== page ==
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In fact, spotting the profit opportunity stemming from ESI allowed Money Morning Capital Wave Strategist Shah Gilani to deliver a 345.5% profit on ESI…
You see, this for-profit educational services firm saw its stock rise 35.2% at the start of the year – but savvy short sellers knew this rally wasn't sustainable.
The short float – the percentage of shares floated that are in short positions – has been steadily climbing since the end of January, and is currently flirting with 50%, according to recent data from BeSpoke Investment Group.
To put that in perspective, the S&P 1500 – an index that combines the S&P 500, the S&P MidCap 400, and the S&P SmallCap 600 – has a short float of 5.7%.
Heightened short selling hastened an 83% collapse of ESI stock this year. In late January shares were selling at $45.40, and on Aug. 4 they had slipped to $7.72.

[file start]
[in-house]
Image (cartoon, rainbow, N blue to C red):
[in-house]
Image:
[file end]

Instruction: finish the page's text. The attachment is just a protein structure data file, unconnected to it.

ESI has felt the pain of investor backlash on for-profit educational institutions, a sector that really began to attract scorn in 2010…
This Sector's Short-Selling Appeal
At a June hearing with the U.S. Senate Committee on Health, Education, Labor and Pensions in 2010, Steve Eisman, the noted money manager who put himself on the map by shorting subprime mortgages just before the housing collapse, condemned for-profit colleges as "marketing machines masquerading as universities."
This prompted a federal inquiry, and in August 2010, the U.S. Government Accountability Office released the results of an undercover probe that revealed for-profit colleges encouraged fraud and employed deceptive marketing in their business model.
2014 has been an even tougher year for this sector – specifically for ESI.